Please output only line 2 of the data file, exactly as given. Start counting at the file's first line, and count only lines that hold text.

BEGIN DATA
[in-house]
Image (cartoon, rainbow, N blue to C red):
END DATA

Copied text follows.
Image (cartoon, rainbow, N blue to C red):